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Backlash at UK cops for brutality

One image of Patsy Stevenson pinned down on the ground with a heavy police boot near her face will go round the world and remind many of George Floyd
Patsy Stevenson being pinned down by police in Clapham
Patsy Stevenson being pinned down by police in Clapham
The Telegraph

Amit Roy   |   London   |   Published 15.03.21, 01:53 AM

The head of Scotland Yard, Dame Cressida Dick, is facing calls for her resignation because of the heavy handed, even brutal manner, in which her officers dragged away women who were holding a torchlight vigil in memory of Sarah Everard at Clapham Common in south London on Saturday night.

Sarah is a 33-year-old marketing executive who was abducted and murdered allegedly by a serving police officer, Wayne Couzens, 48, who appeared at Westminster Magistrates’ Court on Saturday.

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Sarah was abducted near Clapham Common around 9.30pm on March 3 as she walked home. Her body was found in a builder’s bag hidden in woods in Kent, not far from the house which Couzens, a member of Scotland Yard’s armed parliamentary and diplomatic protection command, shared with his wife and two children. Dental records were needed to establish Sarah’s identity.

Her murder is said to have captured a “moment” when women across Britain came forward with their own experiences of harassment.

Clapham Common, a park which is dark at night and which Sarah had crossed on her way home, has become a place of pilgrimage with piles of flowers — recalling the scenes outside Buckingham Palace when Princess Diana was killed in a car crash in 1997.

A group calling itself “Reclaim These Streets” had called for Saturday’s vigil to be held at 9.30pm — the time Sarah disappeared — but were denied permission by the police because of the current Covid lockdown.

However, such was the state of emotion that more than 1,500 women turned up in defiance of the police ban on the vigil.

Earlier on Saturday, even Prince William’s wife, Kate Middleton, arrived unannounced and placed two bunches of fresh daffodils picked from the gardens at Kensington Palace. Before marrying Prince William, she had lived in an apartment only two miles away. She let it known that she could clearly remember “what it was like to walk around London at night before she was married”.

By the evening what was meant to be a dignified, socially distanced torchlight vigil had turned ugly as police officers completely misjudged the situation and used violence to drag away some women who were trying to make speeches.

One image of Patsy Stevenson pinned down on the ground with a heavy police boot near her face will go round the world and remind many of the circumstances in which George Floyd died in America. There were cries of “shame on you”, “let them go” and “arrest your own” from the women.

Even home secretary Priti Patel confessed she had found some of the footage “upsetting” and has demanded a full report from the Metropolitan police commissioner, who happens to be the first woman in the history of Scotland Yard to hold the post. Even Right-wing newspapers, such as The Sunday Telegraph, were leading with calls for her resignation.

London police chief Dick said on Sunday she was not considering resigning and backed her officers. “We’re still in a pandemic, unlawful gatherings are unlawful gatherings, officers have to take action if people are putting themselves massively at risk,” Dick told reporters. Asked if she was considering resigning, she said: “No, I’m not.”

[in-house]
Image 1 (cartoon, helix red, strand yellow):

The Liberal Democrat leader, Sir Ed Davey, said in a letter to Dick: “This was a complete abject tactical and moral failure on the part of the police. We therefore call on you to consider your leadership of the service and whether you can continue to have the confidence of the millions of women in London that you have a duty to safeguard and protect.”

Mark Harper, Conservative MP for Forest of Dean, said there were “serious questions for the Met police commissioner to answer”. Writing in The Sunday Telegraph, justice secretary Robert Buckland, said: “There come times in our lives when a case so horrific comes to light that it has a profound impact on our national psyche, prompting broad and challenging questions for society.”

The paper noted that Dick’s “five-year contract expires in April next year, and it is widely expected she will step down”.

Conservative MP Caroline Nokes, who chairs the Commons Women and Equalities Select Committee, said she was “truly shocked” at the scenes on Clapham Common.

“In this country we police by consent — not by trampling the tributes to a woman who was murdered and dragging other women to the ground. Badly misjudged by metpolice,” she tweeted.

It is perhaps worth noting that a number of British politicians, mostly Labour it has to be said, have urged Narendra Modi’s government to allow peaceful farmers’ protests and press freedom. Now, they are holding their own police to the same standards.

Labour leader Sir Keir Starmer said the scenes were “deeply disturbing” and added: “Women came together to mourn Sarah Everard — they should have been able to do so peacefully. I share their anger and am upset at how this has been handled. This was not the way to police this protest.”

Prime Minister Boris Johnson and his fiancée, Carrie Symonds, lit a candle and placed it in front of 10, Downing Street.

The Prime Minister tweeted: “I will do everything I can to make sure the streets are safe.”



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